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Are You Ashamed of Yourself?

shameThe first time I facilitated a daylong workshop at the very well-known Spirit Rock Meditation Center in Woodacre, California, I felt a very frightening level of anxiety before the event. The source of it was that I had bought into my belief that I didn’t deserve to be presenting there. I had been a participant at many such workshops at Spirit Rock, and all the presenters were well known in their fields and experienced in presenting to large audiences, whereas I was unknown to most of the participants. However, the greatest source of my anxiety and shame was my attempt to push it away, to disown my feelings of shame, which then contributed to self-rejection.

The whole day of the workshop I continued to experience some anxiety and shame all day. When I arrived that morning, I finally gave up trying to push away my shame. I allowed myself to fully experience it, which dramatically reduced it. In fact, I was able to use the remaining anxiety and shame to motivate me to keep my heart open to everything I was experiencing, because I knew it was the best antidote. By the end of the day, by staying with all my feelings, I had developed greater self-acceptance and self-valuing.

resist-jungWe all have thoughts that cause us to experience numerous, unpleasant emotions ranging from rage to shame. And many of us feel ashamed of our rage and our shame, causing additional shame, rage, and other unpleasant emotions.

Most of us have had the experience of trying unsuccessfully to not feel the shame. Unfortunately: What we resist persists.

Once we develop the ability to objectively observe our thoughts and feelings, they lose the power to cause suffering. Attempts to reject our thoughts and feelings lead to a rejection of self. However, cultivation of the ability to accept all our thoughts and feelings leads to self-acceptance, self-valuing, and a deep sense of wellbeing.

The belief that we are flawed or unacceptable leads us to go to great lengths to try to avoid thoughts, feelings, and situations that could trigger even more feelings of shame. Our inauthentic behavior strengthens and reinforces the shame, leading to further inauthentic behavior, still more shame, and self-rejection. It is an endless downward spiral in which far too many people seem to have become trapped.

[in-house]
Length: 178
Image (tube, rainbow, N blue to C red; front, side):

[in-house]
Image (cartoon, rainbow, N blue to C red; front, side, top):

The good news is that each of us has the power to consciously intervene by embracing all our feelings, which can then break the cycle. This does not mean believing our thoughts; it means objectively observing them without believing them. The path to health and happiness involves cultivating an unconditional acceptance and presence that help us more fully engage with all our feelings and with life.

heart-balloonOur culture incorrectly informs us that emotional distress is avoidable and should be avoided at all cost. The pharmaceutical industry spends billions of dollars in propaganda (advertising) to introduce and reinforce this unhealthy belief.

Feelings of shock, terror, anxiety, sadness, frustration, rage, pain, fatigue, embarrassment, and shame are all survivable! What is sometimes not survivable is the behavior we adopt, including taking unnecessary and possibly dangerous medications in an attempt to avoid experiencing these emotions. This is contradictory to self-acceptance and self-valuing, neither of which is possible when we rely on unnecessary medications and other external methods that short-circuit the personal skill-building that can not only reduce our suffering, but lead to the ability to dramatically increase wellbeing.


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Are You Ashamed of Yourself?

Dr. Larry Berkelhammer

Dr. Berkelhammer is a retired mind-body medicine psychologist. He writes about mindfulness-based practices with a unique emphasis on optimization of wellbeing and health. Dr. Berkelhammer also lectures at San Francisco State University and UC San Francisco, and is currently teaching a class in Marin County through College of Marin. He is the author of the book "In Your Own Hands; New Hope for People with Chronic Medical Conditions".

See his extensive website:

In Your Own Hands: Mindfulness-Based Practices to Optimize Wellbeing - College of Marin Community Education

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APA Reference
Berkelhammer, D. (2015). Are You Ashamed of Yourself?. Psych Central. Retrieved on October 18, 2019, from


Last updated: 21 Jan 2015
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